‘We felt that the Liberal Democrats had moved too far away from the small ‘l’ ‘liberal’ inheritance of the party, particularly in relation to economic policy and our attitude to public service reform’

  • Matthew Huntbach 15th Jun '12 - 4:49pm

    Tom Papworth

    Presuming that the world isn’t going to get any less complicated in the future, and that it is in fact going to become substantially more complicated, is public spending therefore going to have to rise inexorably? What happens when we reach 100% and the world is still becoming more complex?

    I live next to what used to be the old A2, the main road out of London to the continent. Now it looks like a small suburban road, but up until the end of the last century it was sufficient to take the traffic that needed to go that way. It has now been replaced by a much bigger and more expensive to maintain road. Multiply that by many other things that are paid for by government, and that’s my point. Lifespans have hugely increased, so the sort of government payment that goes to retired people has greatly gone up. Do you think we will reach the point where ALL our money is spent on maintaining roads and paying pensions to old people? That is what you seem to be saying.

    The flaw in your argument is that whatever is spent on them would STILL need to be spent even if it were not done through the government. You argue that it is bad that people working productively should have some of the proceeds of their effort taken from them in taxation and given to elderly people. OK, so we will not do that and instead tell elderly people to make their own provisions for retirement income through investment. But if this is to work the net result must STILL be some people working and others benefiting. Instead of it going through taxation, perhaps it goes through share dividends which pay the pension, or through the worker having to pay more in housing costs which are transferred to the elderly person who owns rented housing or profits from capital gains and inheritance. Indeed, this is just what is happening. Where is the magic thing your argument claims makes this so much better? What we actually seem to see is a much more inequitable distribution, depending on whether you’re an elderly person who was able to become an owner occupier or build up a pension or whether you were not.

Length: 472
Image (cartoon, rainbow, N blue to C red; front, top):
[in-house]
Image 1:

What is more, it becomes harder an d harder for those at the wrong end of the distribution to have a chance of evening it up. So the divide becomes worse. The end result it seems to me will be a society where one section works as slaves, and the other lives off their slavery.

  • Stuart, surely the importance of the Orange Book is as a cipher, not for the nature or content of any of the essays? The idea that, as David Laws as near as dammit stated in his item above, it is time for the Lib Dems to move to the right economically. To invest any other mythical importance to it seems perverse and inaccurate. When merger took place in 1988, it was acknowledegd by the majority of the Liberal Party that we had taken on part of the Social Democrat tradition. In truth we had already endorsed much of an SD nature. The politics you seem to be pushing doesn’t seem to share the same underpinnings as much of that

  • Simon Titley 16th Jun '12 - 9:08am

    @Stuart Wheatcroft – “The use of the word “neoliberal” is lazy. It’s almost always used as an insult and as such I’ve yet to work out what it really means.”

    Really? This seems to be one of a number of attempts in this thread to limit debate by removing useful terminology.

    You say you don’t know what the term ‘neoliberal’ means. If so, take a look at the Wikipedia page on neoliberalism: